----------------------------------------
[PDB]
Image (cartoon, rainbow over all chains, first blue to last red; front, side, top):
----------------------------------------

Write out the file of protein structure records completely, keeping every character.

[PDB]
Image (cartoon, rainbow over all chains, first blue to last red; front, side, top):